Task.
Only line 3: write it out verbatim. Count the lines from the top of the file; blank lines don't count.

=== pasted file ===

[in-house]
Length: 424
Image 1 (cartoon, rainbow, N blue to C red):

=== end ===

Image 1 (cartoon, rainbow, N blue to C red):